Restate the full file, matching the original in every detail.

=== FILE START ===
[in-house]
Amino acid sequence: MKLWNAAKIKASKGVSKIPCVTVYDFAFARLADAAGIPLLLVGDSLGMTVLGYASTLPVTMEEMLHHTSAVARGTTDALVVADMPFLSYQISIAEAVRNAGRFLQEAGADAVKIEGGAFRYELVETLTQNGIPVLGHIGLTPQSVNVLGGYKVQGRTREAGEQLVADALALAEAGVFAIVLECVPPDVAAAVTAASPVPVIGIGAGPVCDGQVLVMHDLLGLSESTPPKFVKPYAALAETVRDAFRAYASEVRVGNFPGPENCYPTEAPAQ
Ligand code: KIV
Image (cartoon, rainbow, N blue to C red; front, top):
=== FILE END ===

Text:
[in-house]
Amino acid sequence: MKLWNAAKIKASKGVSKIPCVTVYDFAFARLADAAGIPLLLVGDSLGMTVLGYASTLPVTMEEMLHHTSAVARGTTDALVVADMPFLSYQISIAEAVRNAGRFLQEAGADAVKIEGGAFRYELVETLTQNGIPVLGHIGLTPQSVNVLGGYKVQGRTREAGEQLVADALALAEAGVFAIVLECVPPDVAAAVTAASPVPVIGIGAGPVCDGQVLVMHDLLGLSESTPPKFVKPYAALAETVRDAFRAYASEVRVGNFPGPENCYPTEAPAQ
Ligand code: KIV
Image (cartoon, rainbow, N blue to C red; front, top):